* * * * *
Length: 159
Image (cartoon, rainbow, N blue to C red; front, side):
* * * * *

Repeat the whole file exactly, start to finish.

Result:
Length: 159
Image (cartoon, rainbow, N blue to C red; front, side):